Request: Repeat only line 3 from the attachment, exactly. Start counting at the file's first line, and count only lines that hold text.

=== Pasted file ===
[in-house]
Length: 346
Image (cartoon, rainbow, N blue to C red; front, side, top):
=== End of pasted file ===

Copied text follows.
Image (cartoon, rainbow, N blue to C red; front, side, top):